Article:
viewpoints: combinatorially, as in Alexander’s original formulation; geometrically,
via constructions called Seifert surfaces and algebraically, by considering the group
of the knot.
In considering these different viewpoints, I have increased the original scope of
the project in order to show—pun intended—how knot theory ties together different areas of mathematics.
Because of the increased breadth of this project, I do not prove all assertions
in detail, but attempts to sketch a proof are made where possible.
I also intend this project to be readable, in the most part, by someone with little
mathematical experience. Because of this, there is extra explanation of mathematical concepts such as groups and topological surfaces; informal descriptions are
used where possible and I have tried to include useful analogies along the way.
To show application of all the theories and to maintain a sense of continuity,
all of the examples in this document feature two knots: 31 and 52 . This is so
that the reader becomes familiar with the knots and so the different mathematical
viewpoints as mentioned above can be more easily compared.
Edward Long
7
8
Chapter 1
Knots, links and their
invariants
1.1
History and knot basics
Knots are objects that we are all familiar with in everyday life and it comes as a
surprise to some that there is a considerable amount of research devoted to their
study in a mathematical context. The origins of knot theory are linked to physics;
in the latter part of the 19th century a physical theory associated to Lord Kelvin
proposed that the universe was filled with a substance known as ether and it was
the way matter intertwined with this substance that brought about properties of
the chemical elements. It was therefore believed by some that the study of knots
would enlighten physicists as to the deepest mysteries of the universe. Because of
this, there was a drive to tabulate and enumerate as many knots as possible and
to be able to tell, especially in the case of more complex knots, whether two knots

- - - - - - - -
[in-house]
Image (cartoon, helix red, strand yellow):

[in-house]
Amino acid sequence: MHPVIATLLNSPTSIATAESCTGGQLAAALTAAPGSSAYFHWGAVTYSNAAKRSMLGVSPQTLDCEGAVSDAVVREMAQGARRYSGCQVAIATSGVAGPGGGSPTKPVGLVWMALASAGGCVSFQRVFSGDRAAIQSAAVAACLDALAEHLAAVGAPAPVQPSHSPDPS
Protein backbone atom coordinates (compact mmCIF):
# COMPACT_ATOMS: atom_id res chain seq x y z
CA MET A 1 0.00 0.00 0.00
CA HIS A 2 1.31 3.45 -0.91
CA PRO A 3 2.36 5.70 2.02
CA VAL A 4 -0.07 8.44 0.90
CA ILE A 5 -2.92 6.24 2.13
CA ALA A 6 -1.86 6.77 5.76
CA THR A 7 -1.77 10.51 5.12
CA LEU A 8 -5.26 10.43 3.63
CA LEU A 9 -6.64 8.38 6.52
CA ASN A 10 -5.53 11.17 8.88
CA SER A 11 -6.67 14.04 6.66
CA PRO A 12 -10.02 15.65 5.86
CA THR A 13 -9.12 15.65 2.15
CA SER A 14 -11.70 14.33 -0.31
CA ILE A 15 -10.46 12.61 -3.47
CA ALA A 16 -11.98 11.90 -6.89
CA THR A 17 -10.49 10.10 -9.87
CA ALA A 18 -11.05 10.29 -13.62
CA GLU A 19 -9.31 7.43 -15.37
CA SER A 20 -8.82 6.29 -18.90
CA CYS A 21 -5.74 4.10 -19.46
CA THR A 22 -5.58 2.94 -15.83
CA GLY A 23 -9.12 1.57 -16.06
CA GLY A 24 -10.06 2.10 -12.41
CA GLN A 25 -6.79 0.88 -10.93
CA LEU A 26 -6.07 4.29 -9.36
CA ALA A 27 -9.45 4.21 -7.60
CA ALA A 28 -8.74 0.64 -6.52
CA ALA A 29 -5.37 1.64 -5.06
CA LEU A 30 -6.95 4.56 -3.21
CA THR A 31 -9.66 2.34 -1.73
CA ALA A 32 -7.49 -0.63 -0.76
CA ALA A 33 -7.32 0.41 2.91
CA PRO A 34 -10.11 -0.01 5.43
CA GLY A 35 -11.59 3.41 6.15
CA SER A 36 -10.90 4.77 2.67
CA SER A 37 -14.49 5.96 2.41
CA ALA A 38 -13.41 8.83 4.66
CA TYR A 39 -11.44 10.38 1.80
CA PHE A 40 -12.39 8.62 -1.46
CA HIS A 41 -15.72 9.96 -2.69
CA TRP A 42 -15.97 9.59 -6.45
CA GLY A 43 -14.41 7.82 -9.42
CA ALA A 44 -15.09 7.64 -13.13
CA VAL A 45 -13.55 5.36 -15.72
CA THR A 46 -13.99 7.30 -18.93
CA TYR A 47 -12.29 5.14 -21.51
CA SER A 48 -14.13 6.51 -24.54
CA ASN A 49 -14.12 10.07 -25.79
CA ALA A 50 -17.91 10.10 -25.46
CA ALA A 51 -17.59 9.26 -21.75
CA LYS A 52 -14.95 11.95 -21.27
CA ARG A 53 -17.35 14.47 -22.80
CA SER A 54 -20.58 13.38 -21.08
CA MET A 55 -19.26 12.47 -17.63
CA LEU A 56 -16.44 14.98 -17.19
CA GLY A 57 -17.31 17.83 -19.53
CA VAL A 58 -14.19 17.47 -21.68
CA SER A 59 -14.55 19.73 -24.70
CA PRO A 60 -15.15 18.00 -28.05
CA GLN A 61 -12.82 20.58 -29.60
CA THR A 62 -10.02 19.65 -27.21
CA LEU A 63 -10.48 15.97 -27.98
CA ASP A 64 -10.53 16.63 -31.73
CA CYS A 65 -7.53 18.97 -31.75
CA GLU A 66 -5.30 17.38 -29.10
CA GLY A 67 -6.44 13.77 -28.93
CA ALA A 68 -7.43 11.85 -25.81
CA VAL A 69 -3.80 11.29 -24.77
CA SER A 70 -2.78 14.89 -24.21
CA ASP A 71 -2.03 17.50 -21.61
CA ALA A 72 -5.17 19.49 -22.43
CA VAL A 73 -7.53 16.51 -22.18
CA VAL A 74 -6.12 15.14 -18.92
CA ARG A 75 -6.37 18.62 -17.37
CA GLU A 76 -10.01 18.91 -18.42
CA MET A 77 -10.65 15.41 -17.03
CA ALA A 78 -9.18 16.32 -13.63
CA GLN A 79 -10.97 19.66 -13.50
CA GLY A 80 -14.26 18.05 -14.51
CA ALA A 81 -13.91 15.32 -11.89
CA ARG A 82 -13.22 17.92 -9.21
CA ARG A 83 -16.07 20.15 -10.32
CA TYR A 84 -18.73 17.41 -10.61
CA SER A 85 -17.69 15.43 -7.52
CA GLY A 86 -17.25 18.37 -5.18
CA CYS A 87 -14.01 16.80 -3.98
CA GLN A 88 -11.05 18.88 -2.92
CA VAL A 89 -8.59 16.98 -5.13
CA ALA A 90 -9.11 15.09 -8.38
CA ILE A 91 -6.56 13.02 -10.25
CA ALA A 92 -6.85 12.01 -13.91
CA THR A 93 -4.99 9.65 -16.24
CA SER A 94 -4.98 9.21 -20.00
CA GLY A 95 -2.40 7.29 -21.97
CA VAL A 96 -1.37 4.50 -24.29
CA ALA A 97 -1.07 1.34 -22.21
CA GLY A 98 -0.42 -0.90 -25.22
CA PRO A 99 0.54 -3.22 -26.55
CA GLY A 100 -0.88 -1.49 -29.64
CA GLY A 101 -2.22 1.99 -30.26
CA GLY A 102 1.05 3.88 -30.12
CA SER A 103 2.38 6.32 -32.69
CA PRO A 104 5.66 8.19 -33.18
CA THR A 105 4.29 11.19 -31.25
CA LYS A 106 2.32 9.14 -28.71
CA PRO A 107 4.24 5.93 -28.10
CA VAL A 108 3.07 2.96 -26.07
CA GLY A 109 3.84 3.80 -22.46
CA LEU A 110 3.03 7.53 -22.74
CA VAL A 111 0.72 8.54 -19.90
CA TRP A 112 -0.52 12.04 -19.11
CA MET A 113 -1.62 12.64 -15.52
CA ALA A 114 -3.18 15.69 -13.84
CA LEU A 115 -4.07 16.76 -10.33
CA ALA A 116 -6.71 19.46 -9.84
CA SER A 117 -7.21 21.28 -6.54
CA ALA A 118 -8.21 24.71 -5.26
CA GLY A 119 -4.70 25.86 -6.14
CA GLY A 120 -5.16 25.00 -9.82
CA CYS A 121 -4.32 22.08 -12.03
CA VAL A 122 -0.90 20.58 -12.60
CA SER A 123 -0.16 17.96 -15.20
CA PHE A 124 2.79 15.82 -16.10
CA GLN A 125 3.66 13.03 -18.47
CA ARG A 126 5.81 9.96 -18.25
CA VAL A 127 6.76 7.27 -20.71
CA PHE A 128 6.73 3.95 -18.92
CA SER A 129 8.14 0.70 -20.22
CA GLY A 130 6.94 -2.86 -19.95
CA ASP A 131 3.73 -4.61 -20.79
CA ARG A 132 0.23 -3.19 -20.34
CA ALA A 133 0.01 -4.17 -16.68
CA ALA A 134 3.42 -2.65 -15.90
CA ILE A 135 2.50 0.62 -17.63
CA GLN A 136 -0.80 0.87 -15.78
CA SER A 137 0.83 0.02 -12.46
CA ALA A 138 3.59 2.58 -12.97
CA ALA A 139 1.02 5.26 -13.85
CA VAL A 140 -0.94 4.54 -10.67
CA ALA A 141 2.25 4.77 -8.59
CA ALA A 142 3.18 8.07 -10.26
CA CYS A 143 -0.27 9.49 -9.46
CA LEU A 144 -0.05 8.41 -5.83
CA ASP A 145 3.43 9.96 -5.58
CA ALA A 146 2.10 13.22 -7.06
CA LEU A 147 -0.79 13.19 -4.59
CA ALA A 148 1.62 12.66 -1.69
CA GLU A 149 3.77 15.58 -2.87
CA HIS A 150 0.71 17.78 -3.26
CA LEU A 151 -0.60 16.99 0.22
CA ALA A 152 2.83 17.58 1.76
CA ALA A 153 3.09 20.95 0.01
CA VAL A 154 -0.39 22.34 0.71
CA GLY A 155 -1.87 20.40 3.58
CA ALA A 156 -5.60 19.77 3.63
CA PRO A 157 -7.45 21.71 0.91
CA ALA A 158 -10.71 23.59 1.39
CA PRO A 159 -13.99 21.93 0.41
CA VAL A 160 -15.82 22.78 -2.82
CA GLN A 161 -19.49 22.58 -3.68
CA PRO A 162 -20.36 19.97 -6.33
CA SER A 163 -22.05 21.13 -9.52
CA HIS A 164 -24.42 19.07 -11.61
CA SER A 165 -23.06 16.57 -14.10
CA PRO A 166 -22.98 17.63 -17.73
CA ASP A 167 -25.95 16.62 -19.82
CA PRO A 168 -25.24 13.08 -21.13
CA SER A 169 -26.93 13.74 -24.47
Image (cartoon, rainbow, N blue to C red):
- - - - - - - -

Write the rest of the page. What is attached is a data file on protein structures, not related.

were the same, or indeed whether something was knotted at all or could be unravelled to what is referred to by knot theorists as the unknot. The Scottish physicist
Peter Tait spent years compiling tables of knots in an attempt to produce what he
believed could be a table of chemical elements defined through this theory.
The order in which knots are tabulated is by crossing number, which is the number
of times the curve of the knot crosses itself when the knot is drawn in its simplest
form. Of course, finding the simplest form of the knot is a difficult task in itself
and many knots in Tait’s table were later found to have simpler diagrams or to
be repeats of other knots in the table. Tabulation of the knots also leads to the
traditional notation for a knot in the form Nm , where N is the crossing number
and the knot appears as the mth knot with that crossing number in the knot table.
The knot table lists only what are known as the prime knots. Knots which are
not prime are called composite knots and these are knots that can be decomposed
by cutting through two strands of the ‘string’ and retying the ends to give two
separate nontrivial knots. The trefoil or clover leaf (shown below) is the simplest
nontrivial prime knot and is the simplest to tie. It is the only prime knot with
crossing number 3 and is denoted 31 . Two trefoils can be combined to form a reef
9
knot, which is an example of a composite knot. There are two prime knots with
crossing number 5 and below is shown the knot 52 . These knots will feature in all